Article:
If There Is Much In The Window There Should Be More In The Room

Tuesday, October 22, 2013

A Deplorable Proposition

A Deplorable Proposition

Napoleon Crossing the Alps

The General

In 1798, General Napoleon addressed his troops who were preparing to do battle with Mamluks, a slave-warrior caste which had directly and indirectly ruled Egypt for over five hundred years.

Myrbach-Charge_of_the_Mamluks Battle of the Pyramids

His goal was to wrest Egypt from the Ottoman Empire and obstruct Britain's access to India.

Pointing at the Great Pyramids of Giza that stood before them, he cried out: "Soldats! Du haut de ces Pyramides, 40 siècles nous contemplent".
(Soldiers! From the top of these Pyramids, 40 centuries look down upon us.) This estimate of Napoleon's of the antiquity of the pyramids was all guesswork on his part as no one at that time really knew the age of the pyramids. 

As it turns out, even this seemingly generous figure underestimated their true age by half a millennia (not a bad guess but).

Bonaparte Before the Sphinx_Jean-Léon_Gérôme
It is noteworthy that Napoleon Bonaparte was born in the same year as Mohammad Ali, for it was he would actually set the stage for Mohammad Ali's rise to power in Egypt. 

In 1798, Egypt was an Ottoman province ruled by the Mamluks. However, in that year, Napoleon invaded Egypt and conquered the Mamluk army at the Battle of the Pyramids.

Battle of the Pyramids on 21 July 1798 Louis-François_Baron_Lejeune
This short occupation of Egypt by the French had a very lasting effect on the country and for that matter, on Egyptology, but after a sea battle with the English off Egypt's Mediterranean coast, Napoleon was forced to withdraw back to France.  Some of his military forces remained to occupy the country, but they too were soon withdrawn, leaving behind a power vacuum in Egypt.

Muhammad Ali Pasha or Mehmet Ali Paşa

The Pasha 

After defeating the Mamluks in Lower Egypt, Napoleon failed to consolidate his control over the entire country.

Nelson managed to descry his fleet and in 1799, Napoleon left Egypt on a more pressing matter: to assume mastery of France. Two years later the French quit Egypt entirely.

This left a power vacuum which lead to a civil war and in 1805 control of the country fell to Muhammad Ali, an Albanian commander, who claimed to be reasserting the suzerainty of the Ottomans over Egypt but in practice began to rule the country as an independent nation.

Mohammad Ali Pasha, the first and most famous of this line of Egyptian kings was actually born in Kavala, a small Macedonian seaport on the coast of the Aegean, what is now known as A much younger Muhammad Ali, in this drawing by Chris Hellier, is referred to as Mehmet Ali Pasha Greece, in 1769. 

At that time, Kavala was a part of the Ottoman Empire. The son of the local police chief, his father, Ibrahim Agha, when Mohammad Ali was still quite young, and so the boy was taken in to service by the governor of the city, where much of his early training took place.

He was Turkish by origin and Turkish speaking, yet trained in a European province of the Ottoman Empire, so he brought with him political skills honed in the century-long conflict between the three great empires that disputed control of the Balkans.

Commonly called Mehmet Ali, as a young man he worked for a while as a tobacco merchant, before taking a commission in the Ottoman Army.

Slaughter of Mamluks

Muhammad Ali liquidated the Mamluks, first by assassinating their leadership (the old feast and daggers trick) and then through outright massacre of the troops, destroying their power forever.

Massacre of the Mamelukes at the Cairo citadel

He then went on to create a modern professional army which was based on peasant conscription, education institutions and a series of massive infrastructure projects designed to boost Egypt's economy and develop it into a formidable industrial and military power.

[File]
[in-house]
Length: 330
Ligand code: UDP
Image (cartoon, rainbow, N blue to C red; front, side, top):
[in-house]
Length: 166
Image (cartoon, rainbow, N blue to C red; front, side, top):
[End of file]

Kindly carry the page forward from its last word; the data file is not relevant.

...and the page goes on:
SUEZ CANAL Cotton market at Zigazag Egypt


He built roads, canals, dams along the Nile and established Egypt as the world's largest cotton producer.

Through these tireless efforts at modernization and his ruthless exploitation of the peasantry, Muhammad Ali sought continually to strengthen his autocratic grip on the country and his de facto independence from Istanbul.

The Mosque of Muhammad Ali was built over 24 years, from 1824-48, and it was modelled on the Blue Mosque in Istanbul. The mosque made a statement of Muhammad Ali's independance from the Ottoman Sultan.

Wednesday, October 16, 2013

The Man Violin

The Man Violin

“However hard I try, I can’t recall ever having been without a violin during my childhood. I was three and a half when my father brought home a toy violin for me. As I played it I imagined I was a street violinist, a poor man’s occupation that was widespread in Odessa at the time. But I could not imagine any greater happiness”. The little prince adulated by his mother (“Do you know why he is so intelligent? Because, as a child, he bathed in my milk!”) becomes for all of his fellow musicians “King David”, a title he did not usurp.

It was love at first sight for David, the child, when he saw his first violin, a toy his father gave him when he was three. The little prince was born in Odessa in 1908 and started to work on the violin with Piotr Stoliarski, who also taught Nathan Milstein and later Oistrakh’s own son Igor. In 1937 he won the First Prize at the Eugène Ysaÿe Competition in Belgium.

Then begins a splendid career which is confined, however, to the USSR for a long time: a hostage to the regime, he will be authorized to travel abroad only after the death of Stalin. Oistrakh, like his friend Shostakovich, will remain his entire life in Russia. Yet the rumor of his genius stretches beyond the borders and he becomes a legend in the West. 

A major work from the repertoire, the Brahms Violin Concerto in which he is able to deploy all the facets of his playing style which reconciles the irreconcilable: Dionysian and Apollonian, firmly rooted in the ground and as light as air, a virtuoso without exhibition.

Violin Concerto in D major, Op. 77   

is a violin concerto in three movements composed by Johannes Brahms in 1878 and dedicated to his friend, the violinist Joseph Joachim. It is Brahms's only violin concerto, and, according to Joachim, one of the four great German violin concerti.